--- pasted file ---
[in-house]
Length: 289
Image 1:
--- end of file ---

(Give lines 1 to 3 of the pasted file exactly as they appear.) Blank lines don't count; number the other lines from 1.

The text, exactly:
[in-house]
Length: 289
Image 1: